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Magnetic Quantum Number: Definition & Example Video

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  • 0:00 The Magnetic Quantum Number
  • 1:55 Relationship Among…
  • 4:10 Orientations
  • 5:25 Examples
  • 6:45 Lesson Summary
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Lesson Transcript
Instructor: Nissa Garcia

Nissa has a masters degree in chemistry and has taught high school science and college level chemistry.

Electrons in an atom are found within shells. These shells are further divided into subshells, which are further divided into orbitals. In this lesson, we will discuss the magnetic quantum number, which tells us about the orbitals an electron occupies.

The Magnetic Quantum Number

We have addresses to tell our friends where we live. In the world of subatomic particles, electrons also have an 'address' that gives us an idea where they are located in an atom. A specific set of quantum numbers helps us out in identifying where electrons are in an atom.

In this lesson, we'll discuss the magnetic quantum number - also known as the third quantum number - subshells, and orbitals, and their relationships to one another. The magnetic quantum number tells us about the orbital that an electron occupies - it determines how many orbitals there are as well as their orientation within a subshell. Its symbol looks like this:

Magnetic Quantum Number Symbol

In order to keep things clear going forward, let's review a few key terms. Orbitals are regions in space that are occupied by electrons. To visualize this better, take a look at this illustration:

Shells and Subshells

The electrons are found in shells surrounding the nucleus. The shell that an electron occupies is defined by the principal quantum number or the first quantum number. These shells are further divided into subshells. Subshells can be s, p, d or f. The subshells that an electron occupies are defined by the angular momentum quantum number or the secondary quantum number.

These subshells are further divided into orbitals. This helps us further narrow down the location of an electron. The four subshells (s, p, d, f) each have a specific number of orbitals. One orbital can be occupied by a maximum of two electrons. We can think about an orbital as a room with two twin beds: there is no bed for a third person, so the maximum occupancy for the room is two. This table summarizes all of the information we just covered:

Subshells and Orbitals

Now that we have been reacquainted with the first and second quantum numbers and the essential background information, we can now discuss the third quantum number, the magnetic quantum number.

Relationship Among Quantum Numbers

Since the magnetic quantum number is the third quantum number, it's important to know its relationship with the first two quantum numbers before we proceed further. Let's take a second to briefly review the first two quantum numbers.

The principal quantum number, n, tells us the principal shell is occupied by an electron, and can be any positive integer (n = 1, 2, 3, 4…). Its location is further narrowed down by the angular momentum quantum number, l, which tells us the subshell and its general shape. The value of l is dependent on the value of n (l = 0, 1, 2… n-1). The values of l correspond to specific subshells (l = 0 for s; l = 1 for p; l = 2 for d; l = 3 for f). These relationships are summarized in this table:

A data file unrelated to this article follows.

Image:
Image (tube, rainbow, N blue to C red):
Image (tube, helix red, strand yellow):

Principal and Angular Momentum Quantum Numbers

The magnetic quantum number further divides these subshells into orbitals and tells us about the orientation of these orbitals in space in relation to the other orbitals. Knowing about this tells us more about an electron and its location within an atom.

There are different possible values for the magnetic quantum number depending on the angular momentum quantum number. The number of orbitals can be determined from the angular momentum quantum number, l, and the possible values of ml can be determined from the following equations:

Magnetic Quantum Number Equations

To show the possible values of ml from l, let's take a look at this table:

Angular Momentum and Magnetic Quantum Numbers

According to the information provided by the table, for l = 0, there's only one possible orientation because there is only one value for ml. For l = 1, there are three possible orientations because there are three values of ml. For l = 2, there are five possible orientations because there are five values of ml. And for l = 3, there are seven possible orientations because there are seven values of ml.

Magnetic Quantum Number Orientations

Now that we've shown the relationship of the three quantum numbers with each other, we can talk about the different orientations associated with the values of the magnetic quantum number.

For the s subshell (l = 0), there is only one possible orientation of the orbital, since there is only one value of the magnetic quantum number, which is zero. The only orientation of s will look like this:

s orbital orientation

For the p subshell (l = 1), there are three possible orientations of the orbitals, since there are three values for the magnetic quantum number (-1, 0, +1). The three possible orientations will look like this:

d orbitals orientations

For the d subshell (l = 2), there are five possible orientations of the orbitals, since there are five values for the magnetic quantum number (-2, -1, 0, +1, +2). The five possible orientations will look like this:

d orbitals orientations

For the f subshell (l = 3), there are seven possible orientations of the orbitals, since there are seven values for the magnetic quantum number (-3, -2, -1, 0, +1, +2, +3). The seven possible orientations will look like this:

f orbitals orientations

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